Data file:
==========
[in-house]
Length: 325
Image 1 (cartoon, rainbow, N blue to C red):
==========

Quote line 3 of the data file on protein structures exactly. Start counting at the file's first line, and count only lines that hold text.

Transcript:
Image 1 (cartoon, rainbow, N blue to C red):